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There’s something for everybody at this 600-acre, $1 billion condo/resort as it gears up for its next phase of development
My first visit to Friday Harbour came in May 2012 when it was nothing more than some non-descript field on Lake Simcoe’s Big Bay Point.
I remember it quite vividly as the developers had taken a group of journalists into a wide-open field and had them look around, nothing at all distinguishable about it except for its view of the lake.
We were told then the dream was to build not only a place to live, but an all season condo/resort development complete with 18-hole championship golf course, a 1,000-slip boat marina, seven kilometres of walking paths.
My first thought was this is about as ambitious as any Ontario project can get — residential or recreational.
My second visit to Friday Harbour came this fall. Only now, the 600-acre, $1 billion waterfront resort has come to life and appears well on the way to delivering on all the great promises made eight years ago.
Indeed, 95 per cent of all the infrastructure work is done, says Jim De Gasperis, managing partner, and now comes the ‘less-complicated’ work of completing the resort’s residential and hotel units.
I’m led on a walking tour by Boaz Feiner of Geranium Homes, one of the project’s building partners, and this includes the golf course, the hiking trails and a ‘European-style’ pedestrian village complete with a boardwalk and an interesting mix of shop, boutiques and restaurants.
It’s pleasant enough and certainly leaves the feeling there is something for everyone — resident or visitor.
For De Gasperis, though it’s more than that, not just what you see, but what’s behind it and the massive effort it took to build it. Much of our conversation over lunch at the site’s Beach Club later in the day is about infrastructure — pumping stations, storm water management and natural filtration systems — De Gasperis has a tale to tell about each one.
The other major part of the story is the environment. A full one-third of the resort has been turned into a nature preserve — maintaining fish habitats, developing a method to reuse rain water runoff on the golf course, protecting the endangered butternut tree with new plantings.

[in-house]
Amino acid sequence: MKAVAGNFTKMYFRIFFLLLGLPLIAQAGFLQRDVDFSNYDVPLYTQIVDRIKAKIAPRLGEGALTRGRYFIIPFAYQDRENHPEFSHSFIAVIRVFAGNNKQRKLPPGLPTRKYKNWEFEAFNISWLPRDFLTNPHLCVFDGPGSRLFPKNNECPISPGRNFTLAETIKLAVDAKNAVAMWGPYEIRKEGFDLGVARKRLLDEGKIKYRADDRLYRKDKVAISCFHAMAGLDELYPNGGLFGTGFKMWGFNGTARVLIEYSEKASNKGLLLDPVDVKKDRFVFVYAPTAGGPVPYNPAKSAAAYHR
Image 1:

The resort centrepiece is the 1,000-slip marina — built using a special type of wood called Brazilian IPE (also pronounced EPAY), that De Gasperis discovered while in Florida and known for withstanding tough environmental conditions, including Canadian winters. Again, in and of itself, there’s a story to be told.
The pricing structure too — ranging from $380,000 for a condo unit to $2 million for a townhouse — ensures all segments of the market are covered. The newest offering is High Point, a four-storey condo with more than 200 suites starting from the high $300,000s.
“This is not a private club or a gated community,” emphasizes Feimer.
So too, is the public welcome to come in and visit, whether eating in the restaurants or booking a round on the semi-private golf course called the Nest. In 2019, it hosted
10,000 rounds and this year that number jumped to more than 20,000.
The overall sense at Friday Harbour is that it is for buyers who are not so much traditional cottagers but urbanites who want a resort-type experience. De Gasperis is betting there are a
lot of people out there “just like me. They want the cottage lifestyle but without the work.”
“If we are going to build it, we are going to build it right,” says De Gasperis, and even if extra costs are involved, it’s worth the long-term investment.
Evidently, it’s all about paying attention to details — the landscaping, the lighting; the amenities. The common areas that I walked through are almost Disney World-like in their appeal in terms of the clearly marked signage, the cleanliness and the orderliness.
Of note, is the lighting, so important to the ambience of the place. Take, for example, the boardwalk and waterfront condos with its shops, galleries, bistros and cafes, it all suggests that for those who want, there is a night life.
Despite the massive upfront investment, developers are confident of the viability of the project. The proximity from Toronto, says De Gasperis, is “a game-changer, about 75 to 90 minutes compared to the two- or three- hour trek to Haliburton or the Muskokas.
A second big factor is the emergence of the “urban cottage lifestyle,” a lot of people are intimidated by boating and cottage life, “we just want to make it accessible to the average person,” he says.
A third selling point is the technology infrastructure, and the exploding “work from anywhere trend,” As a result, the resort is paying close attention to building in more high-speed Internet services.
Notes Feiner: “Covid has changed not only lifestyles but work habits, and people will want to come here not just for the recreational activities but to work and grab a coffee at the